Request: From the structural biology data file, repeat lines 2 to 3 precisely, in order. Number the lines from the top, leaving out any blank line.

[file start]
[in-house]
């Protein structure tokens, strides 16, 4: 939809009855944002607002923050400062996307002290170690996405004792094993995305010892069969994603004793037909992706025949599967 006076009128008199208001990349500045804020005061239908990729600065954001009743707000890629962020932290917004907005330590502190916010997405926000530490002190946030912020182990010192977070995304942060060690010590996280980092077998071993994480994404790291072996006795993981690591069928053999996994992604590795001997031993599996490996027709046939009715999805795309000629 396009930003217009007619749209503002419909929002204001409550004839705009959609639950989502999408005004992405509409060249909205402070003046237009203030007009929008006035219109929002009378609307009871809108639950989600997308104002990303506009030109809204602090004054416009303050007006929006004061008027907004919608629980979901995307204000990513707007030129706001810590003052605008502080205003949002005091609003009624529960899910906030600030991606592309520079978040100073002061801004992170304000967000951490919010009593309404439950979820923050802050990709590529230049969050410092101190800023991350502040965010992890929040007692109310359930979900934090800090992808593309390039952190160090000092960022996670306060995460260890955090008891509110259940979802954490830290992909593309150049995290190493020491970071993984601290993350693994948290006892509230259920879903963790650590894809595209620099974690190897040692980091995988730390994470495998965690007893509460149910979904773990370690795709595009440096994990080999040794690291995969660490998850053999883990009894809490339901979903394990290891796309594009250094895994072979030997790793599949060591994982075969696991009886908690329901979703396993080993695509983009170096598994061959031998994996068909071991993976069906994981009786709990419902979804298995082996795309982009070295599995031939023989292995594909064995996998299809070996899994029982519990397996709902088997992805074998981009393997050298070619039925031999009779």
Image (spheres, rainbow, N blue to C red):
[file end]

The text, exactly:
């Protein structure tokens, strides 16, 4: 939809009855944002607002923050400062996307002290170690996405004792094993995305010892069969994603004793037909992706025949599967 006076009128008199208001990349500045804020005061239908990729600065954001009743707000890629962020932290917004907005330590502190916010997405926000530490002190946030912020182990010192977070995304942060060690010590996280980092077998071993994480994404790291072996006795993981690591069928053999996994992604590795001997031993599996490996027709046939009715999805795309000629 396009930003217009007619749209503002419909929002204001409550004839705009959609639950989502999408005004992405509409060249909205402070003046237009203030007009929008006035219109929002009378609307009871809108639950989600997308104002990303506009030109809204602090004054416009303050007006929006004061008027907004919608629980979901995307204000990513707007030129706001810590003052605008502080205003949002005091609003009624529960899910906030600030991606592309520079978040100073002061801004992170304000967000951490919010009593309404439950979820923050802050990709590529230049969050410092101190800023991350502040965010992890929040007692109310359930979900934090800090992808593309390039952190160090000092960022996670306060995460260890955090008891509110259940979802954490830290992909593309150049995290190493020491970071993984601290993350693994948290006892509230259920879903963790650590894809595209620099974690190897040692980091995988730390994470495998965690007893509460149910979904773990370690795709595009440096994990080999040794690291995969660490998850053999883990009894809490339901979903394990290891796309594009250094895994072979030997790793599949060591994982075969696991009886908690329901979703396993080993695509983009170096598994061959031998994996068909071991993976069906994981009786709990419902979804298995082996795309982009070295599995031939023989292995594909064995996998299809070996899994029982519990397996709902088997992805074998981009393997050298070619039925031999009779």
Image (spheres, rainbow, N blue to C red):